Rid, T (2012) "Cyber War Will Not Take Place" Journal of Strategic Studies, vol 35, no 1, 5–32, February,
Out soon: significantly expanded and updated version as a book.
For almost two decades, experts and defense establishments the world over have been predicting that cyber war is coming. But is it? This article argues in three steps that cyber war has never happened in the past, that cyber war does not take place in the present, and that it is unlikely that cyber war will occur in the future. It first outlines what would constitute cyber war: a potentially lethal, instrumental, and political act of force conducted through malicious code. The second part shows what cyber war is not, case-by-case. Not one single cyber offense on record constitutes an act of war on its own. The final part offers a more nuanced terminology to come to terms with cyber attacks. All politically motivated cyber attacks are merely sophisticated versions of three activities that are as old as warfare itself: sabotage, espionage, and subversion.
In the mid-1930s, inspired by the lead-up to World War I, the French dramatist Jean Giraudoux wrote a famous play, La guerre de Troie n’aura pas lieu, the Trojan War will not take place. The English playwright Christopher Fry translated the two acts in 1955 as Tiger at the Gates. The plot is set inside the gates of the city of Troy. Hector, a disillusioned Trojan commander, tries to avoid in vain what the seer Cassandra has predicted to be inevitable: war with the Greeks. Giraudoux was a veteran of 1914 and later worked in the French foreign office. His tragedy is an eloquent critique of Europe’s leaders, diplomats, and intellectuals who were, again, about to unleash the dogs of war. The play premiered in November 1935 in the Théâtre de l’Athénée in Paris, almost exactly four years before the dramatist’s fears would come true.
Judging from present pronouncements about cyber war, the world seems to be facing another 1935-moment. ‘Cyberwar is Coming!’ declared the RAND Corporation’s John Arquilla and David Ronfeldt in 1993. It took a while for the establishment to catch on. ‘Cyberspace is a domain in which the Air Force flies and fights’, announced Michael Wynne, a US Air Force Secretary, in 2006. Four years later the Pentagon leadership joined in. ‘Although cyberspace is a man-made domain’, wrote William Lynn, America’s Deputy Secretary of Defense, in a 2010 Foreign Affairs article, it has become ‘just as critical to military operations as land, sea, air, and space’. In the same year, Richard Clarke, the White House’s former cyber tsar, invoked calamities of a magnitude that make 9/11 pale in comparison and urged taking a number of measures ‘simultaneously and now to avert a cyber war disaster’.4 In February 2011, then-Central Intelligence Agency Director Leon Panetta warned the House Permanent Select Committee on Intelligence: ‘The next Pearl Harbor could very well be a cyber attack.’ That year a highly sophisticated computer worm may have significantly damaged the Iranian nuclear enrichment program at Natanz. One much-noted investigative article in Vanity Fair concluded that the event foreshadowed the destructive new face of twenty-first century warfare, ‘Stuxnet is the Hiroshima of cyber-war.’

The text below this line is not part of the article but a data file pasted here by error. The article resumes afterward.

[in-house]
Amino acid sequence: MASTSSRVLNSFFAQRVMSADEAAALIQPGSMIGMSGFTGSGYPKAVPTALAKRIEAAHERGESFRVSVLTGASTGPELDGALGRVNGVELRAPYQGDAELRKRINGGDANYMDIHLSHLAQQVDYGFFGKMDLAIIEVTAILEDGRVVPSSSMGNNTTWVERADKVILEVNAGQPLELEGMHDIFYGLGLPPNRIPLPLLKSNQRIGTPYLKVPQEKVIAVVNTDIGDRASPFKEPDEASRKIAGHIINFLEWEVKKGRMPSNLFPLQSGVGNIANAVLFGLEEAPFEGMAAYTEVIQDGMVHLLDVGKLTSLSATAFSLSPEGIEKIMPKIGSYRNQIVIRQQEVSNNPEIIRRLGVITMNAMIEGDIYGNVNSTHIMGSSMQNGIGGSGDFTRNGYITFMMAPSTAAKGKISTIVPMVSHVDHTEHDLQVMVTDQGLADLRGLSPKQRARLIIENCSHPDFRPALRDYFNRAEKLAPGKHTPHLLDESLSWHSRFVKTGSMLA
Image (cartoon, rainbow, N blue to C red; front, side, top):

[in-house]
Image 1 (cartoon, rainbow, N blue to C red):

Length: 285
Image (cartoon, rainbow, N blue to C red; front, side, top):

But is it? Are the Cassandras of cyber warfare on the right side of history? Is cyber war really coming?
“La cyberguerre n’aura pas lieu, mais il faut s’y préparer” Politique étrangère, 2/2012, p. 305-316
“War and Peace” Joel Brenner, Foreign Policy, May/June 2012
“La cyberguerre est un mythe” Slate.fr, 10 April 2012
“Web Worriers” Standpoint, April 2012
“On cyberwar hype” Patch Monday (ZDNet), 2 April 2012[audio:http://media.cnetnetworks.com.au/audio/musiccentre/patch_monday/patch_monday_ep132_01.mp3]
“Must-read” Council on Foreign Relations, March/April 2012
“Hype or Reality?” Naked Security (Sophos), 20 March 2012
“Xinhua ‘borrows’ a Foreign Policy article” Foreign Policy, 14 March 2012
“On Cyberwar Hype” Schneier on Security, 14 March 2012
“网络战难成现实威胁” People’s Daily, 10 March 2012, reprinted in Xinhua
“Cyber War Is Already Upon Us,” John Arquilla, Foreign Policy, March/April 2012
“Think Again: Cyberwar” the author, Foreign Policy, March/April 2012
“The empty threat of cyber war,” The Wilson Quarterly, Winter 2012
“Cyber war may not happen,” Comment, iss 198, January 2012
“Rid hat eine philosophisch-technische Diskussion ausgelöst” ZDNet (Germany), 17 November 2011
“Not theoretical, can actually kill” ZDNet (Asia), 17 November 2011
“网络战争还不会发生” Science and Technology Daily (China), 4 November 2011
“War and freedom” KCL Comment (podcast), 4 November 2011[audio:http://podcast.ulcc.ac.uk/accounts/kings/KCL_PR_podcasts/cyberspace_final.mp3]
Recommended by Schneier on Security, 3 November 2011
“No cyber war, no nuclear war” Forbes, 3 November 2011
“Wahl der Waffen” Süddeutsche Zeitung, 2 November 2011
“Cyber war (is not)” Department of War Studies’ Podcast, 27 October 2011[audio:http://warstudies.podomatic.com/enclosure/2011-10-27T09_31_22-07_00.mp3]
“Rid’s essay has added fuel to the debate” Forbes, 26 October 2011
“no lethal act of force” Computer Weekly, 25 October 2011
“Clausewitz and Cyber War” Digital Dao, 23 October 2011
“Still not a thing” Reason.com, 21 October 2011
“Die Hard 4 is just a movie, kids” The Register, 20 October 2011
“Миру не грозит война в киберпространстве” SecurityLab, 20 October 2011
“an exceptional read” Infosec Island, 20 October 2011, cross-posted from Cyber Arms
“convincing” Ink Spots, 20 October 2011
“myth or reality?” InKings, 17 October 2011
“Hollywood producers short on ideas should talk to Rid” (.pdf) InTouch, Autumn 2011, p. 20-23
* Published with iFirst in the JSS in early October 2011.